Home » 3 Reasons Why SeaWorld Orlando is Facing Disaster (and How it May Try to Recover)

3 Reasons Why SeaWorld Orlando is Facing Disaster (and How it May Try to Recover)

Let’s face it. 2014 was a disastrous year for SeaWorld Parks. Does this simple change signal a new direction? While the company owns a few water parks, family parks, and the two Busch Gardens adventure parks, it derived its name from its most (in)famous asset. Indeed, over the course of the last 18 months, SeaWorld has taken a veritable swan dive from a beloved American family park to an ostracized and demonized institution, in the eyes of many no better than a prison-bars-and-concrete zoo.

It was a long way down. Faced with mounting sour press in the wake of the infamous Blackfish documentary and an ineffective silence to combat it, SeaWorld (pardon the pun) floundered. A number of strategic angles seemed only to further embroil SeaWorld in controversy. But their strategy may be about to change.

How did we get here? Let’s look at the reasons behind SeaWorld’s dreadful 2014.

1. The fall

The well-known 2013 Blackfish is a documentary (though not an unbiased one) that investigates the 2010 death of SeaWorld’s orca trainer Dawn Brancheau. Brancheau was tragically killed by Tilikum, one of the largest whales in SeaWorld’s arsenal with a history of aggressive behavior, which we reported on immediately after it happened. The documentary expands on Tilikum’s aggression to speak to the larger issue of orca captivity and the moral implications of keeping such highly intelligent creatures locked in small pools.

When the documentary came to CNN, it hit big. Everyone seemed to have an opinion on SeaWorld and its orcas; public opinion seemed to condemn the conditions that SeaWorld imposed on the whales, and heated vows to never step foot into a SeaWorld park ever again were commonplace. Blackfish became water-cooler discussion, and SeaWorld instantly lost its recognition as a tried-and-true American pop culture experience. 

SeaWorld’s response? Nothing.

It’s a common tactic in public relations. Businesses embroiled in controversy (especially controversy emerging from grassroots efforts) are usually best to stay quiet. If SeaWorld dared utter the word Blackfish, it would only draw more attention to the film.

But at some point, the fire grew too big. SeaWorld’s silent resistance had lasted too long amid increasingly vocal Blackfish supporters.  Everyone knew about Blackfish. Ignoring it was no longer helping. It might have read as guilt… even fear. SeaWorld was cast as a heartless company imprisoning animals who had nothing to say to even try to defend themselves.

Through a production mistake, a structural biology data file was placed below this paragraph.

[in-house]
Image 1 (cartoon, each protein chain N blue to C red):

2. Too little, too late

When the company finally did respond to the Blackfish scandal, it may have been too late. Their response was to focus their marketing and communication entirely on their (admittedly renowed) wildlife protection and conservation efforts and refute Blackfish’s claims one at a time. SeaWorld does rehabilitate and release lots of animals every single year. Even Blackfish didn’t argue that. In fact, Blackfish never made the assertion that SeaWorld was a poor zoological park. It’s not. On the spectrum of zoos, SeaWorld would rank among the best in most every regard. Blackfish only criticized SeaWorld’s orca captivity and program, not the rest of the park.

So SeaWorld’s eventual response was to remind everyone that their first encounter with a dolphin was at SeaWorld; that they might not even know what a sea lion was if they hadn’t come to SeaWorld as a kid; and that SeaWorld builds expansive and beautiful habitats for manatees and seals and bears and sharks – all true!

But the message was lost on those who prescribed fully to Blackfish’s lean. For them, it was too late. Those people had expanded upon Blackfish’s thesis, deeming the entire SeaWorld an abhorrent organization and vowing to never go near a SeaWorld (probably, we can humorously imagine, deciding to spend time at their local zoo instead).

3. The competition is too good…and getting better 

Even for those who were willing to hear SeaWorld out, the problem remained: even a really nice zoo can’t compete in the Orlando market… or reasonably charge admission prices that SeaWorld does. “A zoo is great, but why should I take a day out of my Universal Orlando vacation to come to a zoo when I have one of those back home?” Even if SeaWorld is twice as nice as one’s local zoo, does it warrant $65 admission for each member of the family?

The focus on conversation might have won over folks on the fence or those willing to truly look into the topic (instead of relying entirely upon the evidence presented in a very far leaning “documentary”), but it didn’t reenergize SeaWorld’s attendance, and it definitely didn’t stabilize revenues or internal politics.

But SeaWorld Orlando – the chain’s flagship park – might just be setting the stage for a new strategy. The park map details something that not many folks notice: seven themed lands that could be leveraged to build a new identity for the park. SeaWorld may be prepared to distance itself from its “zoo” marketing and re-emerge as a contender in the Orlando theme park market.

Is it too late? Read on for some signs of how SeaWorld plans to redefine itself…

A recovery strategy?

SeaWorld truly is an odd duck of a place. Equal parts amusement park, theme park, and zoological park, it holds an unusual spot in the Orlando line-up. It’s got animal exhibits scattered around a few lightly themed areas, some highly themed areas, and some spots that seem like they’re from a Cedar Fair park. That’s because SeaWorld bends to fit the trends of the local Orlando competition while also maximizing its animal exhibits and bending to the will of various ever-changing owners. 

The result is that it doesn’t match Disney’s storytelling and characters or Universal’s theme and thrills. There’s no beloved character to see or place to visit. It’s not the same as walking into Jurassic Park or Cars Land. SeaWorld is in a perpetual game of catch-up. Predictably following Universal’s Wizarding World and Disney’s New Fantasyland, SeaWorld tried their hand (or, fin?) at a highly immersive little area called Antarctica (unfortunately anchored by an attraction that is seriously lacking). But the park is not united in one identity or consistent quality like Disney or Universal’s parks.